Students, staff and faculty invited to give their input on future of campus mental health services

A photo of Egag Egag wearing a wool top coat leaning on a wrought iron fence with red ivy in the background
“My mental health challenges became debilitating during what should have been the best time of my life,” says Egag Egag, a student member of the task force on student mental health. “I’m in a much better place now” (photo by Geoffrey Vendeville)

Egag Egag’s first years of university didn’t pan out the way he expected.

He moved to Ottawa from Toronto to study philosophy and sociology, hoping he would also make new friendships that would last a lifetime. But in an unfamiliar city 400 kilometres away from home, he found it difficult to meet new people. 

“People were living their lives, partying and demonstrating how great their lives were on Facebook,” he recalls. “I was receptive to that in a way that made me feel really left out.” 

There was also the added pressure of being a first-generation student who was trying to make his family proud. He felt he couldn't relate to other students and experienced panic attacks throughout his undergraduate years.

He came back to Toronto and transferred to the University of Toronto Mississauga, where he saw a counsellor in his final year before graduating in sociology with high distinction. He landed a job soon after, but that's when his mental health challenges peaked.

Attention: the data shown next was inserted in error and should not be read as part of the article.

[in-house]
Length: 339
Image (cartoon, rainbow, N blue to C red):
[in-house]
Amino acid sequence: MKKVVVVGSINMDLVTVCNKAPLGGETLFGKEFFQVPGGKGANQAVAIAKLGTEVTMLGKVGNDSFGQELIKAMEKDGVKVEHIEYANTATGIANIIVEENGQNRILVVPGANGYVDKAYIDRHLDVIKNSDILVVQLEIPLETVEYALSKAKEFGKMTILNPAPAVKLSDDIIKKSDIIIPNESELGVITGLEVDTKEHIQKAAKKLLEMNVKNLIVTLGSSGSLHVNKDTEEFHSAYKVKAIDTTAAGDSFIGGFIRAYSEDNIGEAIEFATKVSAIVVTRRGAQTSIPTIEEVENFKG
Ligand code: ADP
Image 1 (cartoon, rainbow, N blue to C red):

“My mental health challenges became debilitating during what should have been the best time of my life,” Egag says.

But he found help. He saw a therapist, who continued his counselling, and a family doctor, who prescribed medication for obsessive-compulsive disorder and depression.

“I’m in a much better place now,” he says. “I was very fortunate to have had very supportive people … but I know that’s not always the case for everyone else around my age.” 

Egag is now pursuing a master’s degree in social work at U of T and working as a student counsellor at Family Services Toronto, a career track influenced by his lived experience of mental health challenges. At the same time, he is helping shape the future of mental health services on campus by lending his time and insights to the Presidential & Provostial Task Force on Student Mental Health. The group, composed of students, faculty and staff, is reviewing mental health supports across the university and has already conducted a lengthy consultation process on all three campuses.

Now, the task force is seeking students’ feedback on the broad themes that emerged from the consultations. From Monday to Friday this week, students, staff and faculty can weigh in on the draft summary of themes during student-run feedback sessions on the three campuses that have been organized by the Innovation Hub. No registration is required for the “pop-up” events, which are being held in high-traffic spaces.

Members of the U of T community can also provide their input through an online form until Nov. 25 or by emailing

Sandy Welsh, U of T’s vice-provost, students, serves as senior assessor of the task force.

“We want to make sure that we are heading in the right direction,” she says, “and so we want to check in with people before we start finalizing any recommendations on these very important issues.” 

The themes identified by the task force include questions around the availability of mental health services and how those services are communicated to the university community. Some students, for example, expressed concern about waitlists for counselling appointments and the number of available spots. The task force also identified a need to make pathways to mental health supports more transparent and accessible.